1. Growing at the Extremities

Europe is the only continent in the world where the natural population growth (balance of births and deaths) is flat. Central and southeast Europe are mostly seeing shrinking populations, and north and Western Europe are still seeing small increases. Only because of net immigration, the total population in the European Union is still growing slightly, at 0.3% in 2017.

The percentage of people over 50 is increasing, from 36% in 2010 to 44% in 2030. This means that around 1 million people will be leaving the workforce in Europe each year. The number of people in Europe older than 60 will increase by around 2 million per year.

The University Medical Centre in Groningen noted in 2014 that, on average, people in the Netherlands for instance, live four to six years longer than they did thirty years ago. Simultaneously, the age at which chronic illnesses develop has decreased by seven years for men and twelve years for women. In the future, more people will face chronic conditions such as cancer, heart and vascular diseases, diabetes or Alzheimer’s, earlier in their lives. Together with a longer life expectancy, this means that they will be chronically ill for a larger part of their lives. The ageing population and cost increases will propel healthcare expenditure towards 24% of GDP by 2050.

Opportunities for companies: The ageing population and the increase in chronic diseases bring about a fast-growing demand for products and facilities that cater to the need of the elderly. Improved systems for choosing the best cancer treatment for individual patients and non-invasive bone regeneration therapies are among the technologies developed in Singapore and Australia that would meet this demand. The Netherlands has a very open knowledge infrastructure, one of the best-documented populations in the world and high patient participation in clinical trials. This makes it a good starting points for companies in the healthcare sector entering the European market. Important shifts and trends are shaping the business landscape in Europe. Markets in movement force companies to rethink their business model and they create big opportunities those that are willing to embrace the changes and offer solutions. Europe, and the Netherlands in particular offer good insight into what is coming.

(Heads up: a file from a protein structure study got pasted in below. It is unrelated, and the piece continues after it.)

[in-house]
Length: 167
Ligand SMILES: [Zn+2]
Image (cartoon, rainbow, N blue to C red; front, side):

Elmar Bouma

Director South East Asia and Australia

Netherlands Foreign Investment Agency (NFIA) (bouma@nfia-singapore.com, www.investinholland.com)

 

Sources:

Online sales in Europe Growing 10 Times Faster Than the Retail Market, Forrester, 2018

Western Europe’s Consumer Goods Industry in 2030, McKinsey, 2018

Global Additive Manufacturing Market, Forecast to 2025, Frost & Sullivan, 2016

European Consumer Trends 2018, Mintel

State of the Dutch Datacenters 2018 Report, Dutch Data Center Association

Healthy Ageing, University Medical Centre Groningen, 2014.